LB is a 35-year-old male. He comes to the pharmacy to purchase chromium picolinate. As you ring him up on the register, he asks if you could recommend a weight loss product. He says he has been struggling to lose 40 pounds. His doctor said his weight is affecting his blood pressure and giving him prediabetes.

In a desperate attempt to lose weight, he starting taking chromium picolinate, which is a popular mineral thought to help in the weight loss process. However, in this case,  chromium picolinate is actually causing him to gain weight. He has put on an additional 10 pounds in last month, and even his fingers have swelled. He shows you his hands and his fingers seem to have limited motion when bending at the joints.

LB says he is following a strict diet, and exercising and he is not sure what is wrong, but he suspects something is indeed wrong. He has an appointment in 2 weeks to see his doctor.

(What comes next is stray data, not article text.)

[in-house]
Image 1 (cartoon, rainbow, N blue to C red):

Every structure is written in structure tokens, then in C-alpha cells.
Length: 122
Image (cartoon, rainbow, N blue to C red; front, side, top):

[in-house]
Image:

Mystery: Why is this man gaining weight, instead of losing it, while taking a natural supplement?


Solution: He is retaining water due to renal insufficiency caused by chromium.1,2 He's going into renal failure, and needs to stop taking the chromium.


REFERENCES
  1. Wani S, Weskamp C, Marple J, Spry L. Acute tubular necrosis associated with chromium picolinate-containing dietary supplement. Ann Pharmacother. 2006;40(3):563-566. doi:10.1345/aph.1G469
  2. Wedeen RP, Qian LF. Chromium-induced kidney disease. Environ Health Perspect. 1991;92:71-74. doi:10.1289/ehp.92-1519395